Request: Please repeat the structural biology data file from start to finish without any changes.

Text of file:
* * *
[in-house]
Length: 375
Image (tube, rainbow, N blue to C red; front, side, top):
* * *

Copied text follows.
[in-house]
Length: 375
Image (tube, rainbow, N blue to C red; front, side, top):